"You need them even to look for a job," said Grima.
Training Opportunities for Job Seekers
The Career Center offers free hands-on training on how to define your job skills, identify job interests and skill strengths, conduct an online job search, write a cover letter and resume and practice live interviews. Classes are free and offered monthly.
"There is this idea that we see mostly people who have few skills and low education levels here," said Grima. "That isn't true. We see everybody, young and old, and we see a lot of people with a high school education and some college."
There are dozens of computer skills courses available through adult education in Knox, Lincoln and Waldo counties, from the very basic how-to-turn-the-computer-on course to advanced database courses. Fee waivers may be available.Maine Apprenticeship Program Helps Employers
People who are unemployed and who are interested in starting a new career in some manufacturing, construction, health care, information technology, energy, telecommunications and other job areas may be eligible for a paid apprenticeship.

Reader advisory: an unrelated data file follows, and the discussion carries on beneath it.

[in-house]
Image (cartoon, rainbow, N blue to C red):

Since 1937, registered apprenticeship programs have been in place to train workers for American industry. The Maine Apprenticeship Program connects job seekers looking to learn new skills with employers looking for qualified workers by helping to set up structured training programs designed to meet the specific needs of the employers. Apprentices learn on the job and in related classroom instruction.
Apprenticeship programs can be sponsored by employers, employer associations, or labor/management groups. MAP may reimburse up to 50 percent of an apprentice's tuition costs. In addition, the apprentice works full-time for their employer by applying related coursework and newly acquired skills to accomplish the job.
Health Care Jobs
"There are lots of health care jobs," said Grima. "It is the only sector that continues to grow."
The Maine job listings are full of health care jobs, from professional positions at Waldo County Hospital to personal support staff in home health care and certified nursing assistants.
Training for certified nursing assistants, often with specialties that may increase the hourly wage, are available through adult education. They cost from $800 to $1,000 and usually run 200 hours. Students must typically have a GED or have completed high school.